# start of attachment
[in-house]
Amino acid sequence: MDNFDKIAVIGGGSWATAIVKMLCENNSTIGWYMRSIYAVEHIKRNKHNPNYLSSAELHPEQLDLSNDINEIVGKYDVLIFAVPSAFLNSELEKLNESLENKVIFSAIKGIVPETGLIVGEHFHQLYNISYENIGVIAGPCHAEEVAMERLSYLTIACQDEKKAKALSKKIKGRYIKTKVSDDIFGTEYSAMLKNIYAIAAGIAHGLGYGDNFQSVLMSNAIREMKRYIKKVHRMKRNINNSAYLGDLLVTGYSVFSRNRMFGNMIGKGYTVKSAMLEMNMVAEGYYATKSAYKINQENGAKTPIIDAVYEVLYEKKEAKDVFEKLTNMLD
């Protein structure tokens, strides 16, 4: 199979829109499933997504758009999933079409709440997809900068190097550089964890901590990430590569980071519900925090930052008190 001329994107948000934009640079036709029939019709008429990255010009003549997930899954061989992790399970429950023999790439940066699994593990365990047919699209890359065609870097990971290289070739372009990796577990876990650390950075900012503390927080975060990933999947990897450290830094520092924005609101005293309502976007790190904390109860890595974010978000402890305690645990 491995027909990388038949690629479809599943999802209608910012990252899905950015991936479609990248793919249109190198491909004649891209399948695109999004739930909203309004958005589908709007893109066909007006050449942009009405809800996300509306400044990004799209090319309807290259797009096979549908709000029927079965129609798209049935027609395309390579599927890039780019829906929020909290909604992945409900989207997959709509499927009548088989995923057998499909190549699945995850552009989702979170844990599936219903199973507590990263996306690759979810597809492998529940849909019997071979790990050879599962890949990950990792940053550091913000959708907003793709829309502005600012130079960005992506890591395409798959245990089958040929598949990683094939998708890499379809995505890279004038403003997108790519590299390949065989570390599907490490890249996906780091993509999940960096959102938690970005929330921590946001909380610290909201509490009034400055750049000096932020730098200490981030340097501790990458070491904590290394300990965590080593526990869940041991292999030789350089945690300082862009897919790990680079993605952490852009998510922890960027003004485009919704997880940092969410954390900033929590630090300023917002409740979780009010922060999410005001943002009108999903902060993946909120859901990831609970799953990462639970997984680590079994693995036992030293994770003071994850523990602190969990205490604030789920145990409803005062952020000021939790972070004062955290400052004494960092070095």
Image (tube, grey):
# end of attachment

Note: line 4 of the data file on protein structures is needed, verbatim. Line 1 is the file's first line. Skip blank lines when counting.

Image (tube, grey):